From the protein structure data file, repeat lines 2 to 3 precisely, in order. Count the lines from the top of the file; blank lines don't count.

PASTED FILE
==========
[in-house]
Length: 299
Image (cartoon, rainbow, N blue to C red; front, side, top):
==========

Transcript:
Length: 299
Image (cartoon, rainbow, N blue to C red; front, side, top):